The party of 6 (the above mentioned authors, another-bad-author, two publishers and a doctor) headed toward Monument Mountain for a climb and a picnic. A thunderstorm caught them off-guard and forced them to find shelter under an outcropping of rocks. The doctor produced from his medical bag a bottle of champagne, and a silver mug for each. They discussed local poets, and the pedantic author Matthews recited a 30 minute poem. Once the rain had slackened, they headed back to the doctor's cottage for dinner and lively conversation (the physical inferiority of Americans to English was a subject vigorously debated, a sea serpent which had recently been spotted in the NY harbor, the latest scientific news, among other things).

After dinner, they were joined by another who convinced all to hop into carriages to visit a local attraction called the Icy-Glen. the leader of the party took a treacherous route (a bit drunk) and they scrambed over rocky precipices but did make it safely down. They didn't reach their destination (the Melvill farm) until 11 pm. By the end of the day, the men had each made an excellent impression on the other. Melville had decided that Hawthorne was the most fascinating American he had ever met, and Hawthorne had (quite uncharacteristically, recluse that he was) decided to invite Melville to stay with him and his family for a few days in his cottage. So began a short-lived but intense friendship between two truly remarkable men.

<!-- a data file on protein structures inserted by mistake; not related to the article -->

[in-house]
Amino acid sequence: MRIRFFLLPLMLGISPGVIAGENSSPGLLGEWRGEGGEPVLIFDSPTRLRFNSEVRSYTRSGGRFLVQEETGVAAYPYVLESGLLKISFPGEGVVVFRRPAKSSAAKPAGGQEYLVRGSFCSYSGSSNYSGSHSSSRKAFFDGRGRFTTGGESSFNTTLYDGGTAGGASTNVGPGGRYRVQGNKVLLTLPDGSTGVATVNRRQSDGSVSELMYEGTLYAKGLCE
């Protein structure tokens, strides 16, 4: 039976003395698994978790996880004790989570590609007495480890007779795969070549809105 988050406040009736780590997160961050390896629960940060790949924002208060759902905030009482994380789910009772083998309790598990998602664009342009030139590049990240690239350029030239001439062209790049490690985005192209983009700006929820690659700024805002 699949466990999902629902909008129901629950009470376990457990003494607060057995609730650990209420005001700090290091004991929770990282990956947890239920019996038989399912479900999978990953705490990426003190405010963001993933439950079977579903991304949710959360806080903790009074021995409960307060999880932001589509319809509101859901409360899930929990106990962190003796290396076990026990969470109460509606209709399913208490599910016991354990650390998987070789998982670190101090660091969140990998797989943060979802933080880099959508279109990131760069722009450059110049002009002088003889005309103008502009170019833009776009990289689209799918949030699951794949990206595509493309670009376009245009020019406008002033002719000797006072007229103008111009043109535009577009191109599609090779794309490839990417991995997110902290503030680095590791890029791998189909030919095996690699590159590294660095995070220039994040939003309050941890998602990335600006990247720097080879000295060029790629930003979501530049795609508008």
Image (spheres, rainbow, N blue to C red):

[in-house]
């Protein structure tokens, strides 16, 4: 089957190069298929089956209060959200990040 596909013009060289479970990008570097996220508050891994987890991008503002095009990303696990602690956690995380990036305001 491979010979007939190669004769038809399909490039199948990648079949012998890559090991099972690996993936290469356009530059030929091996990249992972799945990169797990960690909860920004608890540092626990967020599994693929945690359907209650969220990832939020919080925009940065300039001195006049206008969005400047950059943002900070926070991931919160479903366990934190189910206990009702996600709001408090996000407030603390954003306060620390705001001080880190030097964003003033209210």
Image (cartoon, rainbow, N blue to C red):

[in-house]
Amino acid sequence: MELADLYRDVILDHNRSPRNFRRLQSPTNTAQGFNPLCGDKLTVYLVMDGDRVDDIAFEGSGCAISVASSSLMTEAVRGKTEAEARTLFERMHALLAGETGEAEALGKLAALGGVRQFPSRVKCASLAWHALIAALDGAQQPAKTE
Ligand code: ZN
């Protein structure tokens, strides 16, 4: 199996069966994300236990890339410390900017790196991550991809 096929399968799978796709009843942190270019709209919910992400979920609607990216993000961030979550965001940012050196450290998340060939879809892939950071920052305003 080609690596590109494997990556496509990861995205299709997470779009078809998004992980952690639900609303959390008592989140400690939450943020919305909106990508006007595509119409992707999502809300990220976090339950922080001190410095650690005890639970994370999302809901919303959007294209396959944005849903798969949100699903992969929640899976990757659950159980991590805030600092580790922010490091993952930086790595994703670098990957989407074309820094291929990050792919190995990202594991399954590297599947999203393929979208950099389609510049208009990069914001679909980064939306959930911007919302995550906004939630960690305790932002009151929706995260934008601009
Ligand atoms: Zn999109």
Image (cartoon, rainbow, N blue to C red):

My imagination reels trying to picture this amazing afternoon. I'll write a bit more soon, hope you enjoyed!
edit on 12-12-2016 by zosimov because: (no reason given)



posted on Dec, 12 2016 @ 11:26 PM
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a reply to: zosimov

I got all the info from Hershel Parker's Bio on Melville. Great book!



posted on Dec, 13 2016 @ 06:27 PM
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a reply to: zosimov

Thanks, zosimov. I enjoyed that very much and I enjoy puzzling over how those two might have hit it off. They look like a pair, don't they? In 1850 Hawthorne would have been 46 and Melville 31. Melville lost his father and eventually went to sea, Hawthorne lost his father when he was away at sea.

Thanks again.




posted on Dec, 14 2016 @ 01:20 PM
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originally posted by: Dan00
a reply to: zosimov

Thanks, zosimov. I enjoyed that very much and I enjoy puzzling over how those two might have hit it off. They look like a pair, don't they? In 1850 Hawthorne would have been 46 and Melville 31. Melville lost his father and eventually went to sea, Hawthorne lost his father when he was away at sea.